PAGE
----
De Palma’s ode to the fruitlessness of war

By 
  • November 18, 2007
{mosimage}Director Brian de Palma is obviously outraged, morally scandalized, angered and saddened by the war in Iraq. A Catholic educated in Quaker schools who came of age protesting the Vietnam War in the 1960s, de Palma is not the kind of American President George Bush can count on for support.

In some ways Redacted is not the sort of movie many might expect of one of Hollywood’s most commercially successful directors — one who invented the teen comic-horror genre with his first big-screen hits, Phantom of the Paradise and Carrie, more than 30 years ago. This movie was made for $5 million to feed into HDNet’s high definition television service, and shot entirely in high definition digital video — a strategy one might expect from a young director beginning a career.

De Palma has frankly stated his aim in Redacted is to change the political and cultural dialogue around America’s war in Iraq — a high ambition for a low-budget movie. The film has already garnered the Silver Lion (best director) award for de Palma from the Venice Film Festival.

 Like all of de Palma’s movies, Redacted insists on constantly reminding viewers they’re sitting in a theatre watching a movie. It’s another movie about the process of making movies. It’s full of references to other movies, including some of de Palma’s own work. De Palma has always invited his audience to think about his films as art imitating art.

Redacted presents the fiction of a film edited and glued together from a variety of sources — security camera video, home-made video blogs off the Internet, a nearly hilarious parody of a self-important French documentary and a soldier’s video diary. Each of these sources for the movie keep the viewer curious but emotionally distant. It is akin to the voyeur effect of watching reality TV. Viewers can decide who they love and who they hate, speculate about how it will end, at the same time as they question how real the documentary footage really is.

We sit back and watch the people and what they do as if they were animated cartoon characters or animals strutting around their cages in a zoo.

This is a curious way to get people to come to grips with the reality of war. The film is based upon a March 2006 incident involving American soldiers on an unauthorized raid who raped and killed a 14-year old Iraqi girl and then killed her family to cover it up. A U.S. court martial gave the soldiers jail sentences of between five and 110 years for their crimes. Which is to say, de Palma’s fake documentary is as much “ripped from the headlines” as next week’s instalment  of Law and Order. In case we don’t get the reference the meat and potatoes of America’s television diet, de Palma reminds us by naming one of the soldiers Lawyer McCoy.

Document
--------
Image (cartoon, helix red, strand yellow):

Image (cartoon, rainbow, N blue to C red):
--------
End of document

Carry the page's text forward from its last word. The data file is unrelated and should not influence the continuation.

De Palma wants Americans to stop passively watching their war in Iraq. He wants them to stand up and take ownership of what’s happening on their TV and computer screens. Getting America out of Vietnam was all about unveiling the hidden truth of the war, which is why the greatest anti-war movie about Vietnam was called Apocalypse Now. Apocalypse is a Greek word which means unveiling. Iraq is different in that Americans know exactly what’s happening. There are a thousand different sources of information, and even the most dedicated watchers of FoxTV don’t believe the kitschy imitation news reporting that’s offered up like junk food to the obese.

Americans know their involvement in Iraq is a pointless tragedy, a spectacle that teaches them no lessons. The truth is already out there, and the film maker’s job is to make people feel responsible for it, to move them to action.

 Redacted  is all about its last 10 minutes. After the young soldier who had dreams of going to film school has wept in front of an army psychologist about how you can make a video and people just watch it without allowing it to change them, the film moves to another, deeper sense of witness. Lawyer McCoy’s friends videotape his homecoming in a local bar, where he weeps and blurts out the horror of the rape and murder he witnessed. When McCoy’s witness is met with indifference, de Palma simply cuts off the film and shows a series of the most horrific war images captured by real photojournalists working in Iraq. We’ve seen these images before — human flesh burned and blown apart, desecrated and transformed into death and hate and absence. They are Christ crucified in our world right now.

But will de Palma’s careful, artful construction really change the American debate about the war? The movie opens Nov. 16 in Toronto, Montreal and Vancouver, courtesy of its Canadian producers. It will leak out to other screens across the United States and Canada over coming weeks, but will probably reach more eyes next year as a DVD and on HDNet. The people who know what de Palma knows about Greek tragedy, Bertold Brecht and the history and theory of cinema will see what the director has done and praise it. But the elites already oppose the war.

Somewhere in a mall multiplex on the edge of Salt Lake City or Dallas is a teenager waiting to be convinced that this war means something here and now in America. No clever art film is going to reach that audience. The man who once captured young imaginations with Carrie and Mission Impossible and Scarface might have done it again with an honest story, simply told. He might have imitated Frank Capra and John Ford, film makers who never talked down to America.

Unfortunately, this artful film draws its power almost entirely from the photojournalists who work for Getty Images.

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